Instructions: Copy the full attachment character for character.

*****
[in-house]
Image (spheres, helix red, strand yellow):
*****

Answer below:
[in-house]
Image (spheres, helix red, strand yellow):